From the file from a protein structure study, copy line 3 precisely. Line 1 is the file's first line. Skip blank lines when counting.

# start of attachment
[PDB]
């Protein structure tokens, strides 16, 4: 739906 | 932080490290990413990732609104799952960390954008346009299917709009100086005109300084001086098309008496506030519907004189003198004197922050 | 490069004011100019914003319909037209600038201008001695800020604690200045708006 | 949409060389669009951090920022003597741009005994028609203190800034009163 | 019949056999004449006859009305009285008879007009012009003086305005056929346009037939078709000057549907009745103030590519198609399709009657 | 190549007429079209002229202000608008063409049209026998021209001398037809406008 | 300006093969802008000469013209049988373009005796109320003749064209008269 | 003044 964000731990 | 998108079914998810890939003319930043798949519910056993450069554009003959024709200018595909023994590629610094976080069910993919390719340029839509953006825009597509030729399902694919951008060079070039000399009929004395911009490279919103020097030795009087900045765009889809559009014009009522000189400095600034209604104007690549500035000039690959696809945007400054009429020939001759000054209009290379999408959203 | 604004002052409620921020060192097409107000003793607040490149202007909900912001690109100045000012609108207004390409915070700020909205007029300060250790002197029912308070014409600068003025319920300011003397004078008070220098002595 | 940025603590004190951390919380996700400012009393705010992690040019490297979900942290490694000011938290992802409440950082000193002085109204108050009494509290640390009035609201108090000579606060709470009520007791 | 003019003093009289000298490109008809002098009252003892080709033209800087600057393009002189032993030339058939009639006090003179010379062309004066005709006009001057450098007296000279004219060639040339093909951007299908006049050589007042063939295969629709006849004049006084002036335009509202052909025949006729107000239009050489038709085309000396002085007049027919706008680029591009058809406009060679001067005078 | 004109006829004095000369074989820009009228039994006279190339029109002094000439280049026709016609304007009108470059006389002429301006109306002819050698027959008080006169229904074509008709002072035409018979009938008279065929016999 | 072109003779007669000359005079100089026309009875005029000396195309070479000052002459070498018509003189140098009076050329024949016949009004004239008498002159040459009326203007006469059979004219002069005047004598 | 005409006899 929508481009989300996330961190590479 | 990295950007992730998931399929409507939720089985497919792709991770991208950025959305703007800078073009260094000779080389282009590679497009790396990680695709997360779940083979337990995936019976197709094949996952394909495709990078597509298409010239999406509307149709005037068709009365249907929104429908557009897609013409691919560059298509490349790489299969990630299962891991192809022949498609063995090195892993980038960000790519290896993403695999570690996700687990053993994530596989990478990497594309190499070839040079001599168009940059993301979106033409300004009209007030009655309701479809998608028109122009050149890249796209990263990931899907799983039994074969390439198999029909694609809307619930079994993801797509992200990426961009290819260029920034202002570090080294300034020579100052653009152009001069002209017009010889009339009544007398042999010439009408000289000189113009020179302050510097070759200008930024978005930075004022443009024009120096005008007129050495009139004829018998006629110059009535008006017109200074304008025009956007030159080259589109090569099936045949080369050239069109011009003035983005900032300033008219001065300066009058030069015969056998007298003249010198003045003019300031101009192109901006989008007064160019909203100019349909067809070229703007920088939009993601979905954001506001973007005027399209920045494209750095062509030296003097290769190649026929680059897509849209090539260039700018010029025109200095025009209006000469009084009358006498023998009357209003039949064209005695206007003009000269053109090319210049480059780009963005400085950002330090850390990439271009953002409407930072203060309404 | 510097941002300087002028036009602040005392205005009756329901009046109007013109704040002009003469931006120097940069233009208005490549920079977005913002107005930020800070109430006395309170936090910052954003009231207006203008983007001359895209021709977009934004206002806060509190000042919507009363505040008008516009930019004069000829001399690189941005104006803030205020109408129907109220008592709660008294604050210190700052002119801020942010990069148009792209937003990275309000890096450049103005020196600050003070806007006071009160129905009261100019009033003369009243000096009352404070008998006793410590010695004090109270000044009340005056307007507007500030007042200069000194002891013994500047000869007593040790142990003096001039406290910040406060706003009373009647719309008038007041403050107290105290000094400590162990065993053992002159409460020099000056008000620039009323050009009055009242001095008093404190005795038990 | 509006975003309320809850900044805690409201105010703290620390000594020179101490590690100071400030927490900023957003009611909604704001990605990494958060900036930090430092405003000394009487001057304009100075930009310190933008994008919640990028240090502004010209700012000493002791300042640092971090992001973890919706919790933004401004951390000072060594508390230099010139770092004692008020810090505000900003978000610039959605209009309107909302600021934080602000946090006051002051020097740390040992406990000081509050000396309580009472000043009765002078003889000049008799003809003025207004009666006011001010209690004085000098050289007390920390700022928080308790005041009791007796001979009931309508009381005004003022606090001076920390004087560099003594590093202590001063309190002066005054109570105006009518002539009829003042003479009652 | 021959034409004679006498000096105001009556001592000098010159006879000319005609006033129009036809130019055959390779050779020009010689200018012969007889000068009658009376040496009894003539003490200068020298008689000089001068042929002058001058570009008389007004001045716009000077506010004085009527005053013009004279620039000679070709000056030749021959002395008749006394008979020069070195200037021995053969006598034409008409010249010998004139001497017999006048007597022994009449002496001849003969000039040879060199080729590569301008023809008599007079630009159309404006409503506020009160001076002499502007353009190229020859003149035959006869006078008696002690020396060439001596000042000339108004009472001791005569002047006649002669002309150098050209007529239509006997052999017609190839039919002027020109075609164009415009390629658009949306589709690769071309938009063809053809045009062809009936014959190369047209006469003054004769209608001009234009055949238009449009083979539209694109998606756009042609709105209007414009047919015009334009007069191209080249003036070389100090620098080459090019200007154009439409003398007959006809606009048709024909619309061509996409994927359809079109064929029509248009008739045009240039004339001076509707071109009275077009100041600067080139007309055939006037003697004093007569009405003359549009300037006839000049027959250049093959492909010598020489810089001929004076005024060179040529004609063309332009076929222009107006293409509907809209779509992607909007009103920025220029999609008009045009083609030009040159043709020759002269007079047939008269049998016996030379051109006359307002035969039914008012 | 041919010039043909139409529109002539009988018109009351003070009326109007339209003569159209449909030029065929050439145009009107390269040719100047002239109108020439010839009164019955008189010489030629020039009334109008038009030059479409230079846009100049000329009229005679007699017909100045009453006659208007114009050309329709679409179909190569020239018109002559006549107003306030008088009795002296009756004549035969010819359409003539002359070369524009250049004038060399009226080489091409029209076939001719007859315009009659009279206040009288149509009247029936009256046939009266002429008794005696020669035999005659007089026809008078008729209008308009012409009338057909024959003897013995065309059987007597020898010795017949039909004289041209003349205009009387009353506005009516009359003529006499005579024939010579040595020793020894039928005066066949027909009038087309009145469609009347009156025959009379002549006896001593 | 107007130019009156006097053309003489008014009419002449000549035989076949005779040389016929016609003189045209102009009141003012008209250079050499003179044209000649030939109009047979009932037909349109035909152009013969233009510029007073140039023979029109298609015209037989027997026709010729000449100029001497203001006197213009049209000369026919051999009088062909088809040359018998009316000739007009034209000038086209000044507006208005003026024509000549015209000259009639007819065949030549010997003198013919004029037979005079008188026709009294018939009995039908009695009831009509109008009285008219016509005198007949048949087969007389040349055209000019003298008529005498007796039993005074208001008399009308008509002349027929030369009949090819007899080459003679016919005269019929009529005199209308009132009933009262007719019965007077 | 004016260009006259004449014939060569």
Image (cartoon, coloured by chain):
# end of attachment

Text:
Image (cartoon, coloured by chain):